The Robust Australopithecines






This is an article I wrote in 2010 for a now defunct bioanthropology website.

The robust Australopithecus coexisted with other hominids for over a million years. Members of this family include Paranthropus Boisei, Paranthropus Robustus and Paranthropus Aethiopicus.  P. Aethiopicus is the most ancient of the three. Age estimates of the “Black Skull” range from 2.4 to 2.7 million years and although  P. Aethiopicus had a small cranial capacity (410 cc), the specimen exhibits traits that set the robust Australopithecus apart from their gracile relatives.

Traits such as a zygomatic arch and saggital crest (the zygomatic arch appears as two bony protrusions above the cheek, the saggital crest is the protrusion on the top of the head; in other words, like modern gorillas, robust australopithecines appear to have been adapted to heavy chewing and/or hard-feeding).


P. Aethiopicus may not be the immediate ancestor of Robustus or Boisei, but the evidence is still too scant to say either way.  P. Aethiopicus, or one of its undiscovered offshoots, is likely the common ancestor of both P. Boisei and P. Robustus.

The robust australopithecines displayed sexually dimorphism. There is a well-established relationship between dimorphism and polygamy in primates. It has been suggested they made use of tools, but no evidence has yet been found.

Chimpanzees, proud stick-wielders, have cranial capacities similar to early hominids, so it is not at all ridiculous to suppose australopithecines, both gracile and robust, used tools.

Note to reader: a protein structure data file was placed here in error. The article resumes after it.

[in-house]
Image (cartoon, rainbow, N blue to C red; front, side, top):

P. Boisei’s brain is small compared to our own, but 510ccs is more than respectable for a primate of its size (Homo habilis, our immediate ancestor and a contemporary of P. Boisei, had an average cranial capacity of 750cc, which is about half that of modern human’s brain).The trend of encephalization observed in both homo and paranthropus is a tantalizing example of parallel evolution.

Since H. Sapien’s antecessors and cousin species are all extinct, it is easy to forget hominids are no exemption from the evolutionary phenomenon of branching. This conclusion is wrong. It becomes increasingly wrong as more and more dead-end hominid species are uncovered. It is now clear many types of nearly sentient apes competed with one another.

Mary Leakey’s discovery of the Zinj Skull was a momentous occasion for anthropologists and biologists because it forces us to remember we are part of the natural world. Branching is as much a part of the natural history of homo sapiens as it is of lizards or birds or protista, and, up until quite recently, humans coexisted with creatures much like themselves.


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